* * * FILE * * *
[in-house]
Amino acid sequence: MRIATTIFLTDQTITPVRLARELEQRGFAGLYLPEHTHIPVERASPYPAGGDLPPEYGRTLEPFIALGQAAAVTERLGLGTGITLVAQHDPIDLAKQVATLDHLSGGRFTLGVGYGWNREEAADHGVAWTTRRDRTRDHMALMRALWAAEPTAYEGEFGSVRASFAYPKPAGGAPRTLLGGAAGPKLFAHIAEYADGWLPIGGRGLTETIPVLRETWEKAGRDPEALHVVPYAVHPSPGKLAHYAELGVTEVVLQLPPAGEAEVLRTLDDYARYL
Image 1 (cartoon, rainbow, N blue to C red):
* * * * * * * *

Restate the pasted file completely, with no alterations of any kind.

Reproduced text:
[in-house]
Amino acid sequence: MRIATTIFLTDQTITPVRLARELEQRGFAGLYLPEHTHIPVERASPYPAGGDLPPEYGRTLEPFIALGQAAAVTERLGLGTGITLVAQHDPIDLAKQVATLDHLSGGRFTLGVGYGWNREEAADHGVAWTTRRDRTRDHMALMRALWAAEPTAYEGEFGSVRASFAYPKPAGGAPRTLLGGAAGPKLFAHIAEYADGWLPIGGRGLTETIPVLRETWEKAGRDPEALHVVPYAVHPSPGKLAHYAELGVTEVVLQLPPAGEAEVLRTLDDYARYL
Image 1 (cartoon, rainbow, N blue to C red):